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ERIC Number: ED258235
Record Type: Non-Journal
Publication Date: 1985-Aug
Pages: 38
Abstractor: N/A
Reference Count: N/A
Readers' Response to Appearance of Competing Metropolitan Dailies.
Pasternack, Steve; Utt, Sandra H.
A study was conducted to examine newspaper readers' responses to front page design and to explore the perceived differences among traditional, modern, and modular formats of newspaper design. Slides of the front pages of 10 pairs of competing daily newspapers were shown to 91 journalism students. After viewing three slides for each paper, subjects completed a semantic differential instrument for each one. Students also indicated how attractive they found nine appearance devices for the newspapers and completed a profile questionnaire. Respondents generally gave moderate to good ratings to most newspapers on most dimensions. Only one of the pairs of papers showed a significant difference on any of the 15 quality ratings. The "Evening Sun," Baltimore's circulation leader, was perceived as much bolder than the competing "News American." Modular papers, although perceived as bolder, more modern, and more readable, were also viewed as less professional and as containing softer news. Traditional papers were seen as more valuable, more accurate, and running harder news, but also as old fashioned and more dull. Newspapers using the modern format scored higher across the 15-item quality dimension, with the "Detroit News" scoring highest in overall quality. Subjects who read newspapers regularly were more likely to find the use of graphs and charts attractive than were nonregular readers. (HTH)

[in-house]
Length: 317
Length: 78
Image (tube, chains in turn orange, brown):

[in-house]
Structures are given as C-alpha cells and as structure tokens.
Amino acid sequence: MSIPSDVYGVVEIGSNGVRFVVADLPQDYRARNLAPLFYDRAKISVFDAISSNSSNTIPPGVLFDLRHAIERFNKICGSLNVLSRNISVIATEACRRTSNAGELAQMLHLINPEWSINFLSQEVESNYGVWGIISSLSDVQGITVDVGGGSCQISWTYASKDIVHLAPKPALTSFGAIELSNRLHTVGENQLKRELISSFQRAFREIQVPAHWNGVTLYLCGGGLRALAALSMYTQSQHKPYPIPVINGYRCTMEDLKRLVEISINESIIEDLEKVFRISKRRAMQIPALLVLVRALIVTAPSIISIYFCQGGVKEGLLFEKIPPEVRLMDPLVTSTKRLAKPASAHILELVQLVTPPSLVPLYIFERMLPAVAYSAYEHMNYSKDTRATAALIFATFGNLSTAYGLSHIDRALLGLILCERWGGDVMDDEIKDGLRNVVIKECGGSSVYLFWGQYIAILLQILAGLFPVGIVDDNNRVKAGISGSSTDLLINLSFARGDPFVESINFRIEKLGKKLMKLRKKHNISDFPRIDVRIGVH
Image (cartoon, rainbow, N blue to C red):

Publication Type: Speeches/Meeting Papers; Reports - Research
Education Level: N/A
Audience: N/A
Language: English
Sponsor: N/A
Authoring Institution: N/A